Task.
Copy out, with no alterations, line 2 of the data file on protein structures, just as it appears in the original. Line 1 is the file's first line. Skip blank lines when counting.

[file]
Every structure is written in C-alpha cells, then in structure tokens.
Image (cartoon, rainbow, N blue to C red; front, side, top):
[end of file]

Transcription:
Image (cartoon, rainbow, N blue to C red; front, side, top):